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What might have been? The story of Scott Allan.


Joey Barton news

As Hibernian ended their 114 year wait for Scottish Cup glory at the weekend one wonders what was going through the mind of one of Scottish football's forgotten men; Scott Allan.  As Rangers paraded Joey Barton yesterday it is a clear signal of intent from the Ibrox club that they mean business and on this occasion, they managed to get their man.  Cast our minds back to last summer and the story was somewhat different in the case of Scott Allan.



Upon coming into the Ibrox hotseat it did not take Mark Warburton long to realise that the club was in a mess and a radical overhaul of the playing squad was required.  An inspirational early signing came in the form of Frank McParland to head up the recruitment arm of the club and his vast knowledge of the English game paid dividends, with unheralded players such as Martyn Waghorn and James Tavernier making a significant impact as the Gers strolled to promotion this term.  McParland should take credit for his work with very few failures in terms of both the permanent and loan acquisitions made last summer.  However, as they sought to bring in some creative flair to the midfield area, Scott Allan was identified as a prime target and despite a summer-long pursuit of the then Hibernian midfielder, Rangers were unable to bring him to Ibrox, with the Easter Road club stating categorically that they would not sell to a league rival.  Adding insult to injury for the Ibrox club was Celtic's late swoop, with Allan being paraded at Parkhead having signed a 4 year contract with the Hoops.

Fast forward a few months.  5th April 2016 saw Rangers defeat Dumbarton 1-0 to seal a return to the top table of Scottish football.  For Scott Allan, what might have been.  21st May 2016 saw Hibernian end their 114 year wait to lift the Scottish Cup and in an instant elevating the playing squad and management team to "legendary" status.  For Scott Allan, what might have been. 

In his reflective moments, Allan must consider what he has missed out on.  Having been the stand-out performer for Hibs the previous year, he could have opted to distance himself from the speculation and remain with the Leith club to help challenge for promotion.  As is often the case when the Old Firm show interest, heads are turned and players seem unable to resist their advances.  But that is exactly what Allan should have done, following the "once bitten, twice shy" mantra.  Whilst at Dundee United, Allan opted for a move to the bright lights of the English Premier League with West Brom.  Despite many within the game feeling that the move was premature and that his development would be best served by learning his trade in the first team at Tannadice, Allan made the move and it is hard to blame him.  In the perilous world of professional sport lucrative financial deals are difficult to decline.  Without making any impact at West Brom and with a series of loan moves across England behind him, Allan returned north in July 2014, penning a 2 year deal with Hibs and during his debut season with the club, his undoubted quality shone through.  Despite Hibs falling short in their quest for promotion, Allan displayed guile and creativity in the centre of midfield and a fine season for him on a personal level was capped with his crowning as Scottish Championship PFA Player of the season.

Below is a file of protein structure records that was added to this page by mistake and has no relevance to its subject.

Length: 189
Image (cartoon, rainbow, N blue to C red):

Unsurprisingly, eyes began to turn towards the talented Glaswegian and for the second time in his short career, he was being pursued by bigger clubs with bigger financial rewards.  Yet Allan should have remained at Hibs.  Playing for a manager in Alan Stubbs who trusted him and was clearly getting the best out of him, Allan should have looked to build upon his outstanding season and helped to lead the team back to the Scottish Premier League.  Had he maintained his performance levels, a call-up to the Scotland squad would have been within reach and his career would be firmly back on track.  He need only look back to his former home at Easter Road to see the case study of his replacement in the Hibs midfield, John McGinn, who can proudly say he has now represented his country.  Instead Allan, a player of greater ability, has mustered up a meagre two league starts and eleven appearances from the bench, many of them fleeting, as Celtic stuttered to a 5th straight league title.

As he reflects on what might have been, Allan can only hope that the arrival of Brendan Rodgers will offer him a fresh start and the chance of regular first team football in a team that will suit his style.  I for one hope that the next 12 months prove more fruitful for Allan, as it would be a crying shame to see the career of a player with his natural talent drifting aimlessly.  It is now time for Scott Allan to deliver.